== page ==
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Small Polluting Power Units Will Close

In an effort to enhance energy efficiency and cut pollution, the National Development and Reform Commission (NDRC) has ordered the closure of small units at 64 coal-fired power plants across the nation within the next five years.

These power generation units, each having a capacity of 50,000 kilowatts or less, turn out 5.34 million kilowatts in total. They will be closed between now and 2010, the NDRC said in a statement on its website on Friday.

The units account for just over 1 per cent of China's 2004 installed capacity, which reached 440 gigawatts (GW).

All or parts of the units at 10 plants located in provinces such as Henan, Shanxi and Hunan are on the NDRC blacklist for closure by the end of this year.

"In order to better utilize energy resources, protect the environment and promote the sustainable growth of the country's power sector, we will gradually close the small coal-driven units which are energy-intensive, low in efficiency and highly polluting," the policy planner said in a statement.

The move is in line with the government's blueprint for cutting heavy reliance on coal and oil in the electricity industry, and comes after the industry watchdog predicted a power supply surplus in a couple of years, although the country is still suffering from electricity shortfalls.

Industry sources say the small-sized units use 100 grams of coal more to generate one kilowatt-hour of electricity than larger ones.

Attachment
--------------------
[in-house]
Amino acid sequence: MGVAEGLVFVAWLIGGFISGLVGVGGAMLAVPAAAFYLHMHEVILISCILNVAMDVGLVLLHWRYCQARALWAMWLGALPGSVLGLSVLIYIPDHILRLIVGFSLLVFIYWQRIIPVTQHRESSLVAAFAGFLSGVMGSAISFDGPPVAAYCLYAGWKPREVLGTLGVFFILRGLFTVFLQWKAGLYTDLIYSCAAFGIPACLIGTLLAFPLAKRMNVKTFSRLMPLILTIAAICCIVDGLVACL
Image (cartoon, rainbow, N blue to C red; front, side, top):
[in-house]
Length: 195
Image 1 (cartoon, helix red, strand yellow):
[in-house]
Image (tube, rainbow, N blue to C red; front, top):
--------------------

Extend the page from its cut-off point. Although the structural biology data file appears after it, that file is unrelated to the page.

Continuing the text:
Wang Yonggan, secretary-general of the China Electricity Council (CEC) earlier this month told reporters the country's electricity installed capacity will reach 510 GW by the end of this year and hit 650 GW by the end of 2007, which was originally the 2010 target.

By the end of July, construction of new power plants producing 72 GW had started since the beginning of this year, while total capacity under development currently tops 195 GW, according to NDRC Vice-Minister Zhang Guobao, who spoke at a power conference earlier this month.

On the demand side, CEC's Wang predicted power consumption growth for 2007 will slow to 9 per cent from the estimated 13 per cent this year. "The electricity crunch is expected to be much alleviated by the end of next year or in 2007, when some places may see a supply glut," Wang said at a press conference in Beijing at the beginning of this month.

(China Daily August 27, 2005)

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